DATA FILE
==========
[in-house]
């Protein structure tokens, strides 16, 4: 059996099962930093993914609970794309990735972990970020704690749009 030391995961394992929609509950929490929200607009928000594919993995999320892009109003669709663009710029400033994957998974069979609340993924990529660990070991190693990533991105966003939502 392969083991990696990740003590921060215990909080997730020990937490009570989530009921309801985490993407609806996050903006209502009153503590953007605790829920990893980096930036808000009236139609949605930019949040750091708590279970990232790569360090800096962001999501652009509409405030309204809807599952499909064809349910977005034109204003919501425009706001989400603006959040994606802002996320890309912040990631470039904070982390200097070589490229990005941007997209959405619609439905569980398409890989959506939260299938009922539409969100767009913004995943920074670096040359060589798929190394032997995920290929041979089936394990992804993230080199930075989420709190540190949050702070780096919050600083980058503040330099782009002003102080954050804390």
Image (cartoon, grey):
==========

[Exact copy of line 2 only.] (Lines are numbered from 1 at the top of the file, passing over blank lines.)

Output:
């Protein structure tokens, strides 16, 4: 059996099962930093993914609970794309990735972990970020704690749009 030391995961394992929609509950929490929200607009928000594919993995999320892009109003669709663009710029400033994957998974069979609340993924990529660990070991190693990533991105966003939502 392969083991990696990740003590921060215990909080997730020990937490009570989530009921309801985490993407609806996050903006209502009153503590953007605790829920990893980096930036808000009236139609949605930019949040750091708590279970990232790569360090800096962001999501652009509409405030309204809807599952499909064809349910977005034109204003919501425009706001989400603006959040994606802002996320890309912040990631470039904070982390200097070589490229990005941007997209959405619609439905569980398409890989959506939260299938009922539409969100767009913004995943920074670096040359060589798929190394032997995920290929041979089936394990992804993230080199930075989420709190540190949050702070780096919050600083980058503040330099782009002003102080954050804390």